Breaking the RS41

The main goal of this project was to dump and inspect the original firmware of the popular Vaisala RS41 meteosonde.

The hardware is already very well researched and there are public repositories documenting the PCBs and individual components used:

On the software side, not much work has been done because of the chip protection. The meteosonde has some pretty neat peripherals that we don't know how to work with, especially the expansion module or NFC communication, so a firmware dump could be quite handy for further reverse engineering.

The RS41 and its pressure module RPM411 use the STM32F100C8 (value line) as the main processor, with key features:

By default, the chip is locked against data readout by RDP level 1 in the meteosonde and in the add-on module. What is level 1?

Apart from invasive methods, it is almost impossible to read the contents of the chip, and it is also not possible to step through the firmware. However, like all software, hardware contains vulnerabilities that could help break protection.

In 2020, three gentlemen (Johannes Obermaier, Marc Schink, Kosma Moczek) presented several ways to break RDP in the STM32F1 and its Chinese clones and make them dump the contents of the flash, for details see

Since the meteosonde contains the original STM chip, we choose the last method, a combination of two errors - power supply manipulation and FPB overwriting. This method proceeds as follows:

There were a couple of problems with this process. At first, the main chip code (written in C) was HardFaulting the controller. Reason still unknown, but I've worked around this by stepping and tweaking the code to just work. With second chip there was a problem with the power glitch itself - it seems that some internal settings affect how long the MCU can be left without power to preserve SRAM. The controller has been updated to fix the glitch time and not wait for RST to be down. The time was simply determined by trial and error.

This heavily edited exploit finally allowed us to dump two firmwares for analysis and much needed step-by-step debugging in the live device.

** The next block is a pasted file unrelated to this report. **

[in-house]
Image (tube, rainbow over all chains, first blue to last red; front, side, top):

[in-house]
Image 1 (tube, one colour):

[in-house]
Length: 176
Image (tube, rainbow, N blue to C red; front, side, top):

Unlocked device

Using the STM32Programmer, we removed the RDP and WRP and flashed back the firmware - this also means that the chip erases itself for obvious reasons. We then uploaded the dumped firmware. When the chip was rebooted, another problem arose. The firmware was actively running procedures to lock the chip again - so some analysing and patching of the firmware was required to prepare the "open" device.

The RDP locking procedure uses the FLASH_OBR register, so it was quite easy to find the code doing the work by finding the hex value 0x4002201C - address of the register. Later, the function call to this code was overridden with two "mov r8,r8" instructions in both firmwares:

Interesting places in dumps



Firmware seems to be structurally the same. Setup function with multiple calls to peripherals init, also locking function included.

A very handy approach to reverse engineering the firmware is to look at ARM/STM32 registers such as SPI or UART and trace the functions that deal with them.

Captured communication between boards

It appears that all important communication is done via the SPI and not the UART. Dumped transfer is available at spi-dump.txt. It seems that some initialisation is required, as no values are sent - just settings and some sort of regular ping.

Side notes